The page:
Air to awe: no one else wanted to take on this extreme slope--except one adventurous California builder.
"The view is so spectacular," Feldman says. "We wanted to see how it would look at night with the city lit up and this pool extending out with water flowing off the edge."
The couple had a problem, though. There was no yard.
The rear of the house offered a tiny terrace, but the property immediately dropped off at a 1:1 slope toward a street below. Most pool builders wouldn't touch it. "I never heard back from them," Feldman says of the builders he approached. "One builder just left a plan at my door without ringing the doorbell and drove off."
Besides the extreme slope, there was a total lack of access. Electrical and telephone lines wouldn't allow a crane to reach over the house, so caissons had to be constructed on site. But a standard drilling rig couldn't fit through the side yard. "[The builders] would have to hand-dig the caissons, then hand-assemble the steel columns," Feldman says. "Nobody was willing to do that."
Only one builder signed on: Don Goldstone, president of Ultimate Water Creations in Beverly Hills, Calif. Now the couple has the aquascape of their dreams--a contemporary, vanishing-edge rectangular pool with gutter overflow on three sides. A perimeter-overflow spa caps the scene. They even have a grassy area and landscaping for a complete backyard.
Though it took $500,000 and two years of heroic construction efforts, the blood, sweat and tears finally paid off.
Before Goldstone and company could build, they had to fix the access problem. The 5-foot-wide side walkway ended with a dangerously steep drop. After demolishing the concrete walkway, crews dug into the decomposed granite prevalent throughout the site to form a usable, temporary ramp.
"It took us probably a week to create that ramp," Goldstone says.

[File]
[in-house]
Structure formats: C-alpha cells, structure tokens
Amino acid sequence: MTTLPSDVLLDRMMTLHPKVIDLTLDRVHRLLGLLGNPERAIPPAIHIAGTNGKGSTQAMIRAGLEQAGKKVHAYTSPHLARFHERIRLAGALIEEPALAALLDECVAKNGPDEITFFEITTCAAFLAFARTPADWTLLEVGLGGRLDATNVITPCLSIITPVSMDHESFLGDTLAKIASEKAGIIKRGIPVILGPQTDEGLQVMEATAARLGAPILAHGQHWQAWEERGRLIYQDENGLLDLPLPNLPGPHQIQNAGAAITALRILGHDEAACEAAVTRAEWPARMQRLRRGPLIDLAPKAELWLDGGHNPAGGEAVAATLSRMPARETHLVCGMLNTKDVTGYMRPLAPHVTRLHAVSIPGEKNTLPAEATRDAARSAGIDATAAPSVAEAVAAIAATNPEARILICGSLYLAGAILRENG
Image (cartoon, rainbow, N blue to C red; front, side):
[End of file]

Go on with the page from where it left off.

The workers also needed a staging area where they could operate machinery and maneuver the caissons. To create it, they had to grade out from the hill, retaining enough flat earth to support the men and machinery. They constructed a temporary retaining wall made of rebar, railroad ties, wood beams and plywood to hold the earth. The builder needed something sturdy yet removable.
Crews jack-hammered the 8-foot-long railroad ties into the ground. They attached a framework of 4-by-6-inch wood beams and rebar to the ties. Plywood leaned against the structure. Next, soil was moved from the top of the site against the wall, and a flat area approximately 5 feet wide was graded.
Goldstone saw danger at every step of the way. "While building the staging area, the workers used a harness around their waists [that was connected to the home's foundation] so if they lost their footing, they wouldn't go down the mountain," Goldstone says.
Next, the crews had to build a support system for the pool and yard. The plans called for three rows of caissons 3 feet in diameter, along with grade beams and retaining walls.
Drilling the caissons proved to be the most harrowing part of this project. To safeguard the drill rig and its driver, the machine was tethered to a home caisson with a 1-inch steel cable.
Workers built the caissons row by row, moving farther down the hillside. With each row, the hillside got steeper and nail-biting became more intense. While drilling the final row, the rig faced straight down, and the operator started to rethink his chosen occupation.
"He actually walked off the job at least three times. It was such a steep hill that he worried about the machine falling," Goldstone says.